Microsoft's new Surface Pro with optional LTE gets official

Microsoft announced the brand-new Surface Pro, the fifth iteration of its Surface tablet series, today in Shanghai, China. The device is due to launch globally on June 15, and Microsoft is shunning its previous numbering system for the Surface Pro name this time and will not use "5," as anticipated. In other words, the "Surface Pro 5" is simply called Surface Pro.

On the outside, the new Surface Pro looks very much like the Surface Pro 4. But looks can be deceiving. With more than 800 new customized parts, a redesigned thermal system, an improved Surface Pen, and optional 4G LTE, the "most versatile laptop" is a testament to Microsoft's need for perfection.

What's changed with the new Surface Pro?

Here are the main changes and new features with Surface Pro for 2017. Many improvements come in the form of hardware changes and refinements, but there are some minor stylistic changes as well. Here's a list of modifications:

Surface Pro 2017

Surface Pro (Image credit: Windows Central)
  • Intel Core i5 version is now completely fanless.
  • 50 percent improved battery life with an estimated 13.5 hours of usage.
  • Restructured chassis with smoother, rounded edges.
  • Thinner radial vents and new "whisper quiet" thermal system.
  • Optional 4G LTE with nano SIM and eSIM support; no visible antenna lines.
  • Redesigned kickstand opens to 165 degrees.
  • New Surface Pen with 4,096 levels of pressure and just 21 milliseconds of latency.
  • Front-facing camera is now "blacked out" to fade into bezel.
  • Brand-new Alcantara Type Cover in platinum, burgundy and cobalt blue.
  • Intel Iris Plus Graphics 640 for Core i7 model.
  • Support for on-screen Surface Dial usage.

While many of those advances may seem incremental, when you add them all together they make for an impressive refresh. It is clear Microsoft is not messing with a winning formula. Ever since the Surface Pro 3, the company figured out what the ultimate 2-in-1 PC should look like. Surface Pro 4 improved upon it further and now the fifth-generation Surface Pro takes the design to the next level.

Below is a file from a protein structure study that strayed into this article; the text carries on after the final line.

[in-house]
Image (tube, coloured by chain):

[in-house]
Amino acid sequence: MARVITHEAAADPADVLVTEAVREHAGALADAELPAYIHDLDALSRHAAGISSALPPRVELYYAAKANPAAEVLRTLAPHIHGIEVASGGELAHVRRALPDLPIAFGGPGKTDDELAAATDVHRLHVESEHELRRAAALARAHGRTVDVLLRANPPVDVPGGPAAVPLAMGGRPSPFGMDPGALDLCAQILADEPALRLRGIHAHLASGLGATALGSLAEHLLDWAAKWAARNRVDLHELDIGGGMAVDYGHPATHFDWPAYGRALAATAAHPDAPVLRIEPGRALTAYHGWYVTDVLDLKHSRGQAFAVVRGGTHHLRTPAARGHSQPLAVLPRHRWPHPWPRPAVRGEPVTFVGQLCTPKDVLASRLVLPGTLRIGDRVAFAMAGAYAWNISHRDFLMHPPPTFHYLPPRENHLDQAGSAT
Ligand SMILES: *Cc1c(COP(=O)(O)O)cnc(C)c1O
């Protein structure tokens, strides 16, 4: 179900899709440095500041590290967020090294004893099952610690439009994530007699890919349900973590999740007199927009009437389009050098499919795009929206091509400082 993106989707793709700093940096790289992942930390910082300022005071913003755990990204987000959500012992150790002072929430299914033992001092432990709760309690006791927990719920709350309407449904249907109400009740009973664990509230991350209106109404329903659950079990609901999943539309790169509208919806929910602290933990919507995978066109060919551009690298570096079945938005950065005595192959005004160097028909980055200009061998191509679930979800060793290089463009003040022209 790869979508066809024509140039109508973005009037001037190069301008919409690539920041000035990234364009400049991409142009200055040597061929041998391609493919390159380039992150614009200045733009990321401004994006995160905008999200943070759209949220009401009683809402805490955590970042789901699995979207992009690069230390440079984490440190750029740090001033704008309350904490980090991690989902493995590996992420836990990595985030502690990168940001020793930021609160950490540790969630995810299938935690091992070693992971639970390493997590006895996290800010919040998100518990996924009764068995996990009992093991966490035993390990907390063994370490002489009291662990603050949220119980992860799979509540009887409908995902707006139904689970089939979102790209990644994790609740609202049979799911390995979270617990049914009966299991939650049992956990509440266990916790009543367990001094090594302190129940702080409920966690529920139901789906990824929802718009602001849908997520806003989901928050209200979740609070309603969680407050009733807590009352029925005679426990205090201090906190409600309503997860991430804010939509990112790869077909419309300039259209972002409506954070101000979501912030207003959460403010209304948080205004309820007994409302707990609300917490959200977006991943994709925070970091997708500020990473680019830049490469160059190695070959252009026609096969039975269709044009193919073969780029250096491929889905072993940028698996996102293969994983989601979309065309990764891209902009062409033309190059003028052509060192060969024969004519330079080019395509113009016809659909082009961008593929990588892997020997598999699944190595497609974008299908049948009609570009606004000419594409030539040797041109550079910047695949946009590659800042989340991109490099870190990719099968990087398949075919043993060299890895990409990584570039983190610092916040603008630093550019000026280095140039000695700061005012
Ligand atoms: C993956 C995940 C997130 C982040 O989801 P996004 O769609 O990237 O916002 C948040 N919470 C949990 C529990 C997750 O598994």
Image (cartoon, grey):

Surface Pro (fifth gen) technical specifications

Swipe to scroll horizontally
Display12.3-inch Pixel Sense display10 point multi-touch
Display Resolution2736 x 1824 (267 PPI)Aspect Ratio: 3:2
SoftwareWindows 10
ProcessorSeventh Gen Intel Core m3 7Y30Seventh Gen Intel Core i5-7300USeventh Gen Intel Core i7-7660U
Storage128GB, 256GB, 512GB, or 1TB Solid State Drive (SSD)
Memory4GB, 8GB or 16GB RAM1866Mhz LPDDR3
GraphicsCore m3 and Core i5: Intel HD graphics 620Core i7: Intel Iris Plus Graphics 640
Rear Camera8.0MP autofocus camera with 1080p HD video
Front Camera5.0MP camera with 1080p HD videoWindows Hello face-authentication
SpeakersStereo speakers with Dolby Audio Premium
PortsOne full-size USB 3.0Mini DisplayPortHeadset jackSurface ConnectmicroSDXC card reader
SensorsAmbient light sensorAccelerometerGyroscope
NetworkWi-Fi: IEEE 802.11 a/b/g/n/ac compatibleBluetooth Wireless 4.1 technology
SecurityTPM chip for enterprise security
Battery Life13.5 hours of use
PenSurface Pen
Weight1.69 lbs to 1.73 lbs (768 g to 784 g)
Dimensions11.50 inches x 7.9 inches x 0.33 inches (292 mm x 201 mm x 8.5 mm)

Optional 4G LTE for the first time

Due later this year, an option for 4G LTE will be available for the first time in the Surface Pro series. There are no physical differences between the LTE and non-LTE variants, and there are no antenna lines or thicker display bezels where modem components typically reside.

The same can be said for the battery and 4G radio. The system takes a traditional nano SIM card, but the new Surface Pro will also support upcoming electronic SIMs (eSIM), as well.

Refined design for 2017

The corners of the Surface Pro are now less angular, with softer edges. It's a subtle change, but those rounded corners make holding the device supremely enjoyable.

The radial vent for heat dissipation is also reduced compared to the previous generation, which is more impressive for the Core i5 version. That model is now completely fanless, joining the lower Core M3 variant. The Core i7, though, still maintains a fan because Microsoft wants you to push that processor as hard as you can.